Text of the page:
Biweekly Binge: The psychosomatic allure of Ema
A fortnightly column on what’s good in the vast ocean of content in the streaming platforms around you, and this week, it's Ema, streaming on MUBI
Pablo Larrain just wants to watch the world burn. In the opening scene of his new film Ema, we see a traffic light on fire and the camera pans out, revealing multiple blocks and all the other lights showing red. We then see Ema (Mariana Di Girolamo) with a fuel tank pinned to her back, flame thrower in hand, watching it burn. It's now a behind-the-shoulder shot and all the lights turn green.
Ema, and in turn Larrain, grapple with questions of sexuality, free-spirited expression, art and freedom. This is the tale of a dancer couple who adopt a son and for various reasons – lack of genuine interest in nurturing, the toxicity of relationship, and the violence – give him away. The arsonist in Ema is her own therapy, the green signal for her own annunciation. The rest of the film is about Ema trying to get her son back, pushing Gaston's (Gael Garcia Bernal, Larrain's eternal muse taking a backseat here) conservative ideas away, and coming to terms with her own vocabulary for expression.
Di Girolamo's physicality is the bedrock on which Ema is choreographed. Hers is an extremely physical and moving performance, not just with dance but also with her hands and eyes, a persuasive concoction that can be both eloquent and violent. Her hair almost white and unoriginal, not giving its real colour away, just like Ema doesn't give away much about herself.
Ema and her companions break out of Gaston's troupe and fall for reggaeton, the dancehall influences contributing to the psychotropic sensuality of Larrain's luminous film bathed in blue, black and red. It is their only way to weather the pain and loss - for Ema, the loss of her son. Gaston screams, "You're dancing to this shitty music, it is prison music and only gives you an illusion of freedom." But that's where Ema finds herself, something that frees her enough to explore the possibilities in new relationships, toxic or otherwise, and if she could even resurrect the lost ones. "The orgasm can be danced," says one of Ema's partners to Gaston, almost as a scornful remark, knowing exactly where it would hurt.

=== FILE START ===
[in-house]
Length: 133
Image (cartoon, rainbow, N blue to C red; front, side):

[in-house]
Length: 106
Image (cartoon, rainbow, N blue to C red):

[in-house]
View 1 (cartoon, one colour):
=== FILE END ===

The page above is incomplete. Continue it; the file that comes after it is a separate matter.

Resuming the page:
The winding landscape in Ema stands as a physical tribute to the course of events in the film. The sloping labyrinthine streets of Valparaíso reflect the mood and trajectory of Ema, Larrain's aerial shots of maze-like neighbourhoods adding to the convoluted structure that is already Ema's life. We see scenes of Ema and her sisterhood of dancing bohemians walking uphill till about two-thirds of the film and once her motivations, and her mind, are clear, she walks downhill at a brisk pace with much ease.
Ema is frugal with dispensing information and the child who was given back doesn't get a decent amount of screen time. Not that it matters. She hires and then befriends a lawyer, to divorce Gaston, and begins a torrid affair with a firefighter. Ema is a film that doesn't enjoy binaries, only using it to express the state of mind – the flamethrower in the dark and the firefighter's water hose in the day. Otherwise, Ema flirts with everything and is a celebration of non-binary, the group experimenting with everything from their form of dance to their sexuality and by the end, the very concept of family and domesticity. Ema's pyromania, both physical and metaphysical, dispenses fresh voltage to the meaning of polyamory.
All relationships in Ema are equally tense, some more tension-filled than others, some more abusive than others. "I like the mess, the twisted power it has," says one of the dancers. Every conversation possesses different versions of somatic aura – between Gaston and Ema, Ema and her friends, Ema and the lawyer, Ema and the firefighter, Larrain subsuming all of them in an orgy of independence. There is even a sexually-charged scene between Ema and the principal of a school where she is applying for work. Ema expects an unimaginative orthodox whom she has to impress with restraint and explain her poor track record but she gets a counterculture flower child, talking about dating a famous artist she cannot name and having to put on a facade of dictatorship to do her job. "Artistes are so intense", she tells Ema, who can only offer an unknowing twinkle in her eye but no doubt winking within herself. The principal says that Ema must take an examination to get the job. She is asked to draw a house and the examiner wonders why there are no people inside, why there is no food on the table. That's Pablo Larrain's working apparatus in Ema – how far he can stretch art and challenge the status quo. At the end of the test, Ema asks, "Is there a test for honesty?" That's all there is to it. Maybe we can get by with brutal honesty on all fronts. The dancing skills of Di Girolamo is the gravy.